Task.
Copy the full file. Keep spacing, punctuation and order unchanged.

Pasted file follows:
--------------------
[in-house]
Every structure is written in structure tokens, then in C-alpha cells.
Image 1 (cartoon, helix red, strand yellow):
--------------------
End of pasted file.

[in-house]
Every structure is written in structure tokens, then in C-alpha cells.
Image 1 (cartoon, helix red, strand yellow):